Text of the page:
The Current Affairs of Medical Supplies in America

There have been a lot of changes with the prescribing, selection, delivery, and payment of medical supplies in the last decade. During the course of this tumultuous time, more than 40% of all medical supply providers have either closed their doors or been bought up by larger companies, often for pennies on the dollar of prior valuations. What caused this? How has it affected Americans? And what is in our future in terms of medical equipment and supply?

               Historically, aging seniors and those with disabilities have relied on Medicare and MediCaid programs to cover their medical equipment costs. While some items were out of pocket, the majority were covered and paid enough that providers actually distributed quality products for those reimbursements. This landscape started to change around 2009 when two things happened. One, many Medicaid programs switched to using HMO’s and care management companies.

This required providers to contract and negotiate new pricing with each of these new providers in order to bill for Medicaid patients. This was difficult and left many unable to bill them or unable to collect secondary payments. Pricing also started to take a small hit. Then came competitive bidding for the Medicare program. Competitive bidding was Bush Era policy that came to fruition under Obama, but Obama did not create the program. It was intended to bring down over-priced allowables and weed out fraudulent billers.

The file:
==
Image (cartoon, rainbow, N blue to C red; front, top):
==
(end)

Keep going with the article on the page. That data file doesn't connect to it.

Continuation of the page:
While it definitely lowered reimbursements for medical supplies, it did it to a detrimental level for both the providers and eventually for the American people. The rates were cut an over-all rate of 42% in California and anywhere from 35-50% across the whole nation. The new rates were not sustainable and not conducive to quality products or care at home, as home medical equipment is the cornerstone to good at-home medical care.